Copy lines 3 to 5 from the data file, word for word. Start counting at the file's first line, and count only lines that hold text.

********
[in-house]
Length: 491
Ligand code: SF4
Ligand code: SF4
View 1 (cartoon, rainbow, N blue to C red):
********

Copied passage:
Ligand code: SF4
Ligand code: SF4
View 1 (cartoon, rainbow, N blue to C red):